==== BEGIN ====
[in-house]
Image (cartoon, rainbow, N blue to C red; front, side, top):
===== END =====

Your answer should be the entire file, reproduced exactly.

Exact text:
[in-house]
Image (cartoon, rainbow, N blue to C red; front, side, top):